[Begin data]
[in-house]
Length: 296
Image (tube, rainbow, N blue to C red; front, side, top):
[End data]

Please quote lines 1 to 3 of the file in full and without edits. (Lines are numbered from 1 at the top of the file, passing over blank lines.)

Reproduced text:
[in-house]
Length: 296
Image (tube, rainbow, N blue to C red; front, side, top):